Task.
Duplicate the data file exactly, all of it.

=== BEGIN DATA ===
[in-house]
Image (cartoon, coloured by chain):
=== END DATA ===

[in-house]
Image (cartoon, coloured by chain):